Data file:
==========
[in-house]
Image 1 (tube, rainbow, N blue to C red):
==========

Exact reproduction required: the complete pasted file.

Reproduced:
[in-house]
Image 1 (tube, rainbow, N blue to C red):